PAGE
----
How the Chinese people are dealing with the spread of covid-19
Ja little months ago Chinese people had little fear of catching covid-19. The government’s “zero-covid” measures kept them mostly safe. The virus was in massive trials and strict lockdowns. If someone tested positive, the government would step in. Those infected were taken to quarantine centers run by the state. If there are symptoms, they were treated in a designated hospital. Health workers would disinfect their house and test their neighbors.
All this changed on December 7, when the central government suspended its zero-covid policy, lifting most restrictions. Six days later he deleted an app that tracked people’s movements. The highly transmissible Omicron variant had rendered zero-covid unsustainable.
Now the public is expected to look out for itself. “Be the first person responsible for your own health,” wrote the man Daily People, the mouthpiece of the Communist Party. Some Beijing residents have received letters from the local committees that used to enforce covid controls. Stop reporting fever and cough to us, one reading, before you make people good luck. “Thank you for the last three years of support and understanding.”
The official number of new cases is falling, as if the virus is fading away. But official numbers are no longer reliable because the government has stopped testing. If he has another way of keeping tabs on the epidemic, he’s not sharing it.
However, it is very clear that the wave of covid is building, as people are sharing stories of infections online. An informal survey has been circulating on social media asking Beijing residents if they have caught the virus. As The Economist went to press, 39% of the 434,000 or so respondents said yes.
Studies like this are amazing, not just for the numbers. A few months ago there was a stigma attached to people who had contracted covid. They may, for example, struggle to find jobs after recovery. Now the disease is so common that people are posting their test results on social media, often replacing the word “positive” with a cartoon of a sheep (which is the Chinese homophone for positive). Others share lighthearted advice about the best time to catch covid. An illness now or in early January, for example, could clear up in time to enjoy Christmas and the Lunar New Year. “Why am I not positive yet?” one young woman complained in a video.
Others, however, are concerned. Until recently the government told people to fear covid. Now the official line is that Omicron is no worse than the flu. People with the disease who are not showing serious symptoms have been encouraged to stay at home and treat themselves. Not everyone listens. Beijing’s emergency call operators are overwhelmed with more than 30,000 calls per day, about six times the average. Queues have formed outside fever clinics in several cities. Some medications are in short supply. On December 13th a healthcare website started selling Paxlovid, a highly effective antiviral drug used to treat covid. His first stock sold out in half an hour.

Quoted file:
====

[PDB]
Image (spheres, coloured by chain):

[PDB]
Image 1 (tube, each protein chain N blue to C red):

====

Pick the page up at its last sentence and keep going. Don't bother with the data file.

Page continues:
Hospitals are under more pressure as doctors and nurses catch the virus. There are reports that some medical staff who have tested positive have been asked to come in anyway, risking more transmission within hospitals. As of December 13, there were 50 seriously ill patients in Beijing, according to official figures. So far, the health system does not seem to be too big. But the height of this wave is still some way off. It will probably come at the end of January, at least in Beijing, says Ben Cowling, professor of epidemiology at the University of Hong Kong.
With the government changing its message, people are looking elsewhere for guidance. Chinese students abroad who are experiencing covid are sharing advice on WeChat, a social media app. They tell people what symptoms to expect and how long they will last. In general, however, there is a lack of good information about the virus. There are reports of people going to hospital after taking too much fever medicine. Herbal remedies used to fight covid are in high demand, although doctors are skeptical about their effectiveness.
Vaccines, not voodoo
At least people now see the need to protect themselves from the virus, which was once seen as a terrible but distant threat. More are getting vaccinated. The number of bricks given out each day has increased from less than 200,000 to over 1m. But there is a lot of ground to make up, especially when it comes to the most vulnerable. Only about 40% of people over 80 have received the three doses needed to significantly reduce the risk of serious illness or death. But some elderly people have had trouble getting a shot because of a lack of supplies at clinics.
People are also taking steps to help reduce the spread of the disease and possibly reduce the pressure on hospitals. In Beijing the shopping malls and streets are mostly empty, because people are staying indoors. It’s called automatic locking. People who go out wear N95 masks (which are good at filtering small air particles). Demand for home delivery of food and groceries has increased.
But people still plan to travel back to their villages and hometowns for the lunar new year at the end of January. Data from Ctrip, a booking platform, shows that the number of inquiries for flights has increased by 160% since the government eased restrictions. Searches for train tickets on Baidu, a search engine, increased by almost 600% during that period. Many rural areas are woefully unprepared to deal with an increase in cases.
When the height of this wave approaches, “it would be wise to bring back some public health measures,” said Mr Cowling. But it may be difficult for the government to reverse course without admitting that it made a mistake. ■
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